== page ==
Filling pens to create supply
Kuner Feedlot named CAB 2013 Progressive Partner
by Miranda Reiman
No one is automatically insulated from the effects of a shrinking national cowherd, but Kuner Feedlot, one of 12 in the JBS Five Rivers Cattle Feeders group with 1.6 million annual marketings, goes for proactive rather than reactive ways.
The management team’s unique approach caught the attention of the Certified Angus Beef ® (CAB®) brand, which named the Colorado yard Progressive Feedlot of the Year at the CAB annual conference in Palm Desert, Calif., on Sept. 18-20
“We knew last fall that it could get tough to find cattle and we’d be forced to be creative,” says Nolan Stone, general manager at the 100,000-head capacity yard located near its namesake town along the South Platte River. They quickly gravitated toward developing replacement heifers.
“The idea was, ‘Let’s do something that will separate these heifers from what else is out there,’” he says.
They purchased 4,500 head of known Angus females and then used all available tools to make them a value-added group of replacements. Blood samples were collected during processing, to evaluate each heifer for gain and grade potential using CAB’s GeneMax™ (GMX) genomic test. The first decision on which to feed versus breed was based on those GMX scores.
“They wanted to base their selection on something that was more objective and had direct feedyard and carcass economic meaning attached to it,” says Kent Andersen of Zoetis, the genetics company that developed GeneMax in collaboration with CAB and Angus Genetics Inc. “They looked enough alike where it wouldn’t have been so easy to do that initial sort on phenotype.”
Using the 100-point combined measure for both gain and grade, the team at Kuner sorted off anything that didn’t make at least a 50. Then Colorado State University assigned docility score and evaluated the females for depth and width. Those that didn’t make the cut went into a natural feeding program.
Then they used timed AI (artificial insemination) on the remaining 1,250, followed by a second round of heat-detected AI at the feedyard. The remaining 1,100 heifers were then sent just south of Steamboat Springs, Colo., to Saddleback Ranch, which Five Rivers leases. Fifteen cleanup bulls, all 15/16 brothers leased from John Raftopoulos of Diamond Peak Ranch, Craig, Colo., completed the breeding program.
Andersen helped select the four AI sires.
“We went straight to the American Angus Association sire selection tool on their website,” he says, noting the Kuner goals of a double-digit EPD (expected progeny difference) for calving ease direct (CED), a “sensible” birth weight and “as much growth and grade as possible.”
Using the Sire Match feature of GeneMax, several sets of heifers were identified by known sires, including some Mytty InFocus and SAV Final Answer daughters. Only 39% of the heifers with unknown sires were selected, compared to 60% of those with superior genetics.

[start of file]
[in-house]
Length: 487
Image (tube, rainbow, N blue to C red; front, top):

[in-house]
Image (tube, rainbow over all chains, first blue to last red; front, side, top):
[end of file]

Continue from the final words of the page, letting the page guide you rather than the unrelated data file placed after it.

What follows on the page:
“We wanted to pick three or four AI sires that represented enough diversity that we could match to the heifer groups and accentuate strengths or cover any weaknesses, as well as minimize inbreeding,” Andersen says.
The average $W and $B indexes of the AI sires were $41 and $87, respectively. That puts them in the top 5% of the breed for those indexes.
That’s an advantage to any of the bred-heifer buyers, but also has a greater industry benefit.
“We felt like we could do a small part to improve the cowherd. We’ll be creating a set of feeder cattle down the road that were selected for things like dollar-B ($B),” Stone says.
He would like to see what could happen if others follow suit.
“We’ve told people our goal is not to just market these 1,100 heifers, because that’s not much in the whole scheme of things,” he says. “We’d like to tell people ‘here’s how we did it’ and hopefully others will do it and make better cattle.”
Andersen says it’s perfect timing.
“We could expect pretty substantial increases in heifer retention in the next one to five years,” he says. “This project really served as a very large scale prototyping effort for how we can use all technology at our disposal to select the best heifers possible and then breed those to the best, proven, genetically superior Angus AI sires possible.”
“We’re also hoping to avoid the costs associated with heifers that aren’t going to make good cows or produce progeny that gain and grade,” Andersen says.
That’s become a bigger concern for Stone, who has worked for Five Rivers for 14 years, the last seven as the Kuner general manager.
“We’ve really learned since we started feeding naturals,” he says. “We do mass sorting on the traditional cattle, but the natural cattle, we generally leave in their contemporary groups and they don’t receive the benefits of all the available technologies, so you see huge gaps in performance.”
Some 3,500 head come and go at the feedyard each week. As the traditional cattle come in, they’re individually weighed and stay in holding pens for 30 days while they’re stepped up to a finishing ration.
Although the Kuner Feedlot tracks performance, grade and profitability on every pen, the co-mingling makes it hard to relate back to individual ranches.
But the natural cattle are mostly kept together by source.
“Feeding them really made us realize the better cattle are worth more money,” Stone says. “We’re interested in cattle that have better genetics. We can’t just buy the best cattle, but if people understand we’re paying attention to it, maybe it will become more of a management style than it used to be when everything was just a commodity.”